Inspections are obviously important, but the real dictator of a waiver date will be the time it takes for you to be approved for financing. Unless you’re paying cash for the property you will likely not be willing to proceed unless you know you have the appropriate funds available to close.
The challenge is significant! On one side you have a purchaser who wants to keep the time of your conditional period to an absolute minimum, on the other side you have a lender saying that as a minimum if everything goes smoothly you might, (the key word being might) have an approval in 30 to 45 days. They rarely make the minimum. Further, if you’re buying apartment buildings it’s very likely you will be using CMHC backed financing and they themselves have their own lengthy timeframe for approval beyond the lenders’.
The bottom line, it’s virtually an impossible task to set an exact date with any kind of confidence and more often than not we are setting ourselves up for failure.
In all my years of investing I can probably count on two hands the amount of times I have been able to actually waive all conditions on the initial date stipulated in the offer.
Here’s an example: I was recently involved in a deal where the waiver date was set for 45 business days from the time the seller provided all the due diligence materials. This equated to over six weeks for a conditional period which seemed adequate in my mind. Three weeks into the due diligence, the lender provided preliminary approval and submitted an application to CMHC. CMHC then notified the purchaser it would be a minimum of 6, possibly 8 weeks for their approval from the time they receive the application. This would put us at least 3 to 4 weeks beyond the waiver date. The purchaser asked for an extension, the vendor said no, result – dead deal.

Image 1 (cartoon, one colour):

In summary, understand the importance of the waiver date. Know your due diligence process so well that it can be run like a well-oiled machine. Have open communication with the seller and set the groundwork for the timeframes you require to get all your approvals in place. As an owner I’m much more likely to be more flexible on a waiver date if the purchaser can show me the process he’s following and the timeframes he’s allotted for approvals. Have your purchase and inspection team ready to go should you pull the trigger. Be prepared for problems, in fact expect them. Notify the seller early if the there is an issue that might extend the time required. Owners don’t like to hear on the waiver date there is a problem or worse a problem the purchaser knew about weeks earlier and didn’t identify it.
If you make the date great! You have done a good job. If you don’t, be prepared to negotiate and work hard to keep any extension short, it’s an easier pill for the owner to swallow.
Stay tuned for my next article were I will go over in depth a variety of strategies and techniques, both in process and in contractual wording to help you get through the conditional period as efficiently as possible.